Israel Resource Review 1st June, 2002


Secret Middle East Talks in Britain
Ewen MacAskill
Diplomatic Editor

Israelis and Palestinians have met in Britain to hold their highest-level talks since the failed Taba meetings of January 2001. Key figures in the Northern Ireland peace process were brought in for the first time to advise the belligerent parties.

In three days of discussions, hosted by the Guardian, Irish politicians, including the former IRA commander Martin McGuinness and David Ervine, leader of the Progressive Unionist party, urged both sides in the Middle East to seek outside help in moving the conflict out of its impasse.

"If you had said 10 years ago that there would be peace in Northern Ireland or South Africa, many would have been extremely sceptical, but there is no reason why the Middle East should not take the same road," Mr McGuinness said.

For the past 18 months senior Palestinians and Israelis have only had snatched meetings on an individual basis. Yesterday's talks brought together two Palestinian ministers with the speaker and deputy speaker of the Israeli parliament, the Knesset, and marked a rare chance for the parties to debate, away from the pressures of conflict.

The Israelis and Palestinians said they had learned lessons they would take back to the region. Several plans for pushing forward the stalled peace process began to take shape, including joint Israeli- Palestinian initiatives.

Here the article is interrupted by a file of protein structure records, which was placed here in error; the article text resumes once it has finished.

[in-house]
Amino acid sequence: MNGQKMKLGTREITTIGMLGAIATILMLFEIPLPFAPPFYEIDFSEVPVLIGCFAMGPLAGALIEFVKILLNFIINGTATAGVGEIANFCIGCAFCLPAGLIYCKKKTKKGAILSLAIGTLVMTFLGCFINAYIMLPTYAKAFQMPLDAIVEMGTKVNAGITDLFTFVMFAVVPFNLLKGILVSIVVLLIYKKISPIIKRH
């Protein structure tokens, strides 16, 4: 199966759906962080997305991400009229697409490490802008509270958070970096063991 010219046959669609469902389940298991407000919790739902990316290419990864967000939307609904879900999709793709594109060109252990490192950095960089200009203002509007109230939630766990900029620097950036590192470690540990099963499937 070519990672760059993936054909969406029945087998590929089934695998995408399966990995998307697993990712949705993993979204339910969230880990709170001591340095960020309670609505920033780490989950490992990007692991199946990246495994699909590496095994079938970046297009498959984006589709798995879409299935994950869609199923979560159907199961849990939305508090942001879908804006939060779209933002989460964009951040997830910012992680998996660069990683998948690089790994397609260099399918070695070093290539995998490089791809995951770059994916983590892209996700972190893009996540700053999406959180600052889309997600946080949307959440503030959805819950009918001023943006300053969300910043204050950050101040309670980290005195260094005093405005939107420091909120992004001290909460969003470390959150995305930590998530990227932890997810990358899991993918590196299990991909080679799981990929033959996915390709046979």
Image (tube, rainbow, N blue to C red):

The secret talks, chaired by Jonathan Freedland, were held at Weston House, a country house near Stafford where Northern Ireland negotiations were conducted last year.

Alan Rusbridger, editor of the Guardian, said that the Northern Ireland delegates were "great evangelists for their peace process and were keen to offer practical advice and heartfelt encouragement. The two situations are, of course, different in many ways. But this group found so much in common and genuinely felt they learned much from each other over the three days."

As well as Avraham Burg, speaker of the Knesset, the Israeli side included General Amnon Lipkin-Shahak, the former chief of staff of the Israeli army; Yossi Beilin, the former justice minister and one of the architects of the 1993 Oslo peace accords; and Naomi Chazan, the deputy speaker of the Knesset.

The Palestinian side included Professor Nabeel Kassis, a Palestinian minister without portfolio; Yezid Sayigh, a former negotiator; and Salim Tamari, another former negotiator. Mr Burg and Mr Beilin are members of the Israeli Labour party, which is in Mr Sharon's coalition government.